Thursday, February 23rd, 2017 1:00 pm to 2:30 pm
UCLA Powell Library
Redefining Japaneseness chronicles how Japanese American migrants to Japan experience both racial inclusion and cultural dislocation while negotiating between the categories of Japanese and “foreigner.” Drawing from extensive observations and interviews with Japanese Americans who are geographically, culturally, and linguistically diverse, Jane H. Yamashiro reveals wide variations in how Japanese Americans perceive both Japaneseness and Americanness. Her findings have major implications for both Asian American studies and scholarship on transnational migration and global diasporic identity.
Dr. Jane H. Yamashiro has been researching Japanese American experiences in Tokyo while also doing research on projects focused on Okinawan Americans and the US-Japan Council. She is a sociologist whose comparative and transnational work on race and ethnicity, culture, globalization, migration, diaspora, and identity sits at the intersection of Asian American and Asian Studies. Her academic research has been published in Ethnic and Racial Studies; AAPI Nexus: Asian Americans & Pacific Islanders Policy, Practice and Community; Sociology Compass; Geoforum; CR: The New Centennial Review; and Migrations and Identities. She holds a B.A. from the University of California at San Diego and M.A. and Ph.D. degrees from the University of Hawai‘i at Manoa.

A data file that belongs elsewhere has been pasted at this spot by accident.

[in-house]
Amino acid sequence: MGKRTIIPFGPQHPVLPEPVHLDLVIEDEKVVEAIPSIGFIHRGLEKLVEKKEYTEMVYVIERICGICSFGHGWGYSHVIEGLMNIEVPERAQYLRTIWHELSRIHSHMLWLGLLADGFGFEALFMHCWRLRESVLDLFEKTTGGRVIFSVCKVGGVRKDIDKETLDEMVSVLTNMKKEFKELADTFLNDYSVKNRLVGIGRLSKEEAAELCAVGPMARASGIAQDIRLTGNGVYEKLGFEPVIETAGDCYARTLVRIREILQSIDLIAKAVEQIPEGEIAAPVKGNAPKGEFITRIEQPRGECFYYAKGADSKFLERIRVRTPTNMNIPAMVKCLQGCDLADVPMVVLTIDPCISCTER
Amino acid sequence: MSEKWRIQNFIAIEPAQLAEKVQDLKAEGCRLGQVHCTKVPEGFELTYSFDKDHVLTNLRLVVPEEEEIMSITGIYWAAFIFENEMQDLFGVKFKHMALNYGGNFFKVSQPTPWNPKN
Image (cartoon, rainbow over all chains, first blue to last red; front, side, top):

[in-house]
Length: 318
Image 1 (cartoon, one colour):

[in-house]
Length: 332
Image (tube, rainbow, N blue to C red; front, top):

Books will be available for purchase and light refreshments will be served.
This event is sponsored by the UCLA Asian American Studies Center and the UCLA Library.